And I'm not even a homeschooling mother! But I've created a Morning Time for my children nonetheless, and I wouldn't have been inspired to do it -- nor could I have done it -- without this podcast. It's my favorite, and I get something out of every single episode.

  • Wonderful resource!
    by honebubble from United States

    This podcast has changed what I thought I could offer my children, my family and myself... I never would have believed that it would be possible to live a life as so many people actually do. Thank you for these tools and for what you do to help women, teachers, moms and all those on this path. You are amazing and I just can’t get enough, each episode teaches me so much!! Thank you again!

  • A wonderful podcast!
    by NoName2018 from Canada

    Great ideas and interesting guests - thanks Pam!!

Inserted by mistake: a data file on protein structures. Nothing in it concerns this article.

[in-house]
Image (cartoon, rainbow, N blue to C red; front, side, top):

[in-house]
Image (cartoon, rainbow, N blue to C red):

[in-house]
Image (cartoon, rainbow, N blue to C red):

• Insightful, Inspiring, Life-Giving Podcast
    by Mackenziechester from United States

    I love this podcast. It has turned cleaning my kitchen into a really valuable part of my day. There are great tips here for gathering your family together and finding ways to share the things you are passionate about but can never quite find the time to fit in to a typical school day. So many ideas, so many varied topics. Great, inspiring guests. Life-changing podcast. Thanks so much for sharing these ideas!

  • Such great choices of guests
    by andinic from United Kingdom

    This podcast is inspirational for your homeschool plans. Pam Barnhill has a delightful interviewing style and her guests share their insights and enthusiasm for their topics. Among my favourites are the episodes with Cindy Rollins, and Angelina Stanford. Don’t miss this encouraging podcast!

  • Great
    by WifeyKayla from United States

    Some great interviews and very helpful for figuring out the flow of our mornings.

  • Interesting ideas
    by Lisa1932 from Canada

    Just started this podcast. There are some very interesting ideas here on how to create quality time with your children, learning together and focusing on the things that are most important in life. Great hearing other moms' stories too.